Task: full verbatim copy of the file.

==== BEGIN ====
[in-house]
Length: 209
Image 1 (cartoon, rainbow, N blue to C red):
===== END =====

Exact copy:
[in-house]
Length: 209
Image 1 (cartoon, rainbow, N blue to C red):